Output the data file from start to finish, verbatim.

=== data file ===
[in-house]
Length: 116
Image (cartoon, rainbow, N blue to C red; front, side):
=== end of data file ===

[in-house]
Length: 116
Image (cartoon, rainbow, N blue to C red; front, side):